While you may envision being able to sleep like a baby before you little one arrives, often times there are stretches of pregnancy when restful sleep can be difficult to find.
Pregnancy sleep can be tricky to navigate. Like every pregnancy, sleep problems can be unique to each mama. Here are a few of the most common pregnancy sleep problems:
- Vivid dreams or nightmares
- Constant urge to urinate
- Overall discomfort
Many women wonder if they’ll ever find a way to get undisturbed sleep again. Luckily, as you move through each trimester, you learn a bit more about how to get restful pregnancy sleep. Here’s how to have the perfect night of sleep during pregnancy, while avoiding both the physical and emotional sleep problems that accompany it.
Avoiding the Physical Sleep Problems
The majority of pregnancy sleep problems revolve around the physical nature of pregnancies themselves. Pregnancy changes your body so quickly (and so drastically) that it becomes difficult to sleep in any position. Here are the top ways you can avoid your growing belly from getting in the way:
Heartburn Control - Heartburn affects many women, especially towards the end of pregnancy when internal organs are getting shifted and there’s not much room. Try avoiding heavy meals in the evening and skip eating altogether as bedtime approaches. Over-the-counter heartburn medications can also provide some relief; just make sure to check with your doctor before taking any.
Fluid Intake - In early pregnancy and again in the third trimester, you’ll likely have the urge to urinate almost constantly. This need can greatly interrupt your sleep. In order to combat this, adjust your fluid intake for the evening by reducing your liquids several hours before bedtime.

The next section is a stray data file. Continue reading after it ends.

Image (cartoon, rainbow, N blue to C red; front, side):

Find the Perfect Position - It’s commonly said that sleeping on your left side throughout pregnancy (especially the third trimester) is important for baby’s health. With this in mind, you’ll want to adjust your sleeping position early in pregnancy. If you wake up in the middle of the night in a different position, try adjusting yourself to return to your left side.
Support Yourself - Supporting your head, your baby bump, your legs, and even your lower back can be a challenge in pregnancy. Pregnancy pillows can be a helpful way to get your positioning comfortable. Or stock up on extra pillows. Your goal is to have a comfortable (and supportive) sleeping location so you can rest easily.
Avoiding the Emotional Sleep Problems
While it’s often assumed that all pregnancy sleep problems can be resolved in a physical manner, many times there’s an emotional component keeping mama awake as well. Here are the top ways you can avoid your emotions from keeping you awake:
Discount Dreams - You may find yourself having vivid dreams (and even nightmares) throughout your pregnancy. Prepare yourself for these unwelcome intruders, knowing that they get worse with inconsistent sleep routines. If they become bothersome, try keeping a dream journal so you don’t feel the need to keep thinking through your dreams.
Build a Routine - Just how you’ll build a nighttime routine for your newborn, you’ll want to have a sleep routine throughout your pregnancy. Begin by going to sleep and waking up at consistent times. Schedule in some time to relax before bed (perhaps reading a good book) and plan to skip screen time right before you snooze.
Pregnancy Insomnia - Pregnancy can cause insomnia for many mamas. Whether it’s a shift in hormones or worries about future life with baby, insomnia quickly becomes frustrating. For restful pregnancy sleep, avoid caffeine (especially after noon), don’t nap during the day, and cover your clock. If insomnia persists chat with your doctor about how to get back to sleep.
Adjusting your routines and planning for restful pregnancy sleep are important steps on the journey to re-energizing during these nine months.
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